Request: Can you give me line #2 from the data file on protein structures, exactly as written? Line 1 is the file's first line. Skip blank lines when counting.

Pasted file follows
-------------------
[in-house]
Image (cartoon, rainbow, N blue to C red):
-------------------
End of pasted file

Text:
Image (cartoon, rainbow, N blue to C red):